Curriculum Vitae

Memory & Imagination



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Biographical Sketch

Growing up in Berkeley California during the fifties and sixties was such a singular experience that it is hard to imagine parallels. Those of us living in that place and time were inspired by remarkable influences and opportunities not available in the culture at large.

Noisy political reactionaries and social visionaries arriving mostly from elsewhere, give Berkeley a reputations as the land of extreme left wing radicals.

Our lives tended to be dominated by the presence of a large world class university. Both of my parents were highly creative, literate and intelligent individuals. They had their own neurosis of course, with colorful, pleasant and sometimes toxic manifestations.

Although it was a remarkable time and place, it was not without many of the same frustrations and problems one experiences everywhere. Most especially difficult was the transition through adolescence. My experience with other boys I recall with little nostalgia as I had no interest in sports, cars or in discussing female anatomy.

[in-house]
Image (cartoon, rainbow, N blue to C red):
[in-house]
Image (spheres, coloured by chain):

What I do recall is being bullied and harassed for not fitting in with the dominant culture. The experience endowed me with a profound appreciation of both outsiders and eccentrics, and as a result I have always questioned the status quo.

My sense of isolation was aggravated by the absence of my father who, after being pressured by my mother, left and moved to New York when I was nine. This was just prior to my mother taking me and my sister on an extended visit to Cairo, Egypt, where we lived from October 1957 until March of the following year.

Coming home from this experience changed me forever in terms of how I saw and understood my world.
My father’s absence, combined with my own adolescent turbulence and an increasingly tense relationship with my mother, resulted in my eventually attending an alternative school located for a time in a primitive village at the foot of the Baja California peninsula in Mexico. I attended the school for almost a year. This experience was so utterly unusual that I have written about it at length on this website.

Some years after high school I attended a local art school my father taught at when I was a child. From there I went on to graduate studies at Yale University. With no planning or understanding of the need to do so I embarked upon marriage and the raising of children.

This phase of my life was defined for me by the death of my chosen teacher in graduate school, the death of my stepfather and the births of four children, one of whom required heart surgery soon after birth. I felt so overwhelmed by these events that I found myself unable to do anything more than drive a taxi to pay for food and rent. In all, I ended up driving a cab in San Francisco for ten years.